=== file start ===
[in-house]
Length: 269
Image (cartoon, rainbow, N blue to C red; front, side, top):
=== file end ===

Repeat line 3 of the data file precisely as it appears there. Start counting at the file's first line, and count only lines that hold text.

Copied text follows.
Image (cartoon, rainbow, N blue to C red; front, side, top):